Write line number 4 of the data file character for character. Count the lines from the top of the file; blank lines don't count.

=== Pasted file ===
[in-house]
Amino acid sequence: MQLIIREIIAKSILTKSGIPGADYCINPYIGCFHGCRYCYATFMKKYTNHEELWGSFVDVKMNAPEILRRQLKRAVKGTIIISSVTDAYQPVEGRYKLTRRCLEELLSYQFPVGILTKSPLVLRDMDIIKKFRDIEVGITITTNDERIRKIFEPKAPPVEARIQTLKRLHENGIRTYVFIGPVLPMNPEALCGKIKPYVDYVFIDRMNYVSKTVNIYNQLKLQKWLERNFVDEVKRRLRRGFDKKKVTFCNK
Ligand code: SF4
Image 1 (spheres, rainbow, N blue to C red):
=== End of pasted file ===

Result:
Image 1 (spheres, rainbow, N blue to C red):